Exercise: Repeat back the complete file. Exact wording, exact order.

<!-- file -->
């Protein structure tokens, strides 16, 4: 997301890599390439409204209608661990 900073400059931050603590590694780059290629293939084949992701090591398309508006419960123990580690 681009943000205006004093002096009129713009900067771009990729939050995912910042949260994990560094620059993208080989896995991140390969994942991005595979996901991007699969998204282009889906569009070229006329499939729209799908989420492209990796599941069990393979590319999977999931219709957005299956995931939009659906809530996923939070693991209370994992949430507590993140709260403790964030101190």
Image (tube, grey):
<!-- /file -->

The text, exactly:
């Protein structure tokens, strides 16, 4: 997301890599390439409204209608661990 900073400059931050603590590694780059290629293939084949992701090591398309508006419960123990580690 681009943000205006004093002096009129713009900067771009990729939050995912910042949260994990560094620059993208080989896995991140390969994942991005595979996901991007699969998204282009889906569009070229006329499939729209799908989420492209990796599941069990393979590319999977999931219709957005299956995931939009659906809530996923939070693991209370994992949430507590993140709260403790964030101190």
Image (tube, grey):